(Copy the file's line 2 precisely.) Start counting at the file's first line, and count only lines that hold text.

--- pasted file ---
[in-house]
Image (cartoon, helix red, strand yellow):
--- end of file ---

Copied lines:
Image (cartoon, helix red, strand yellow):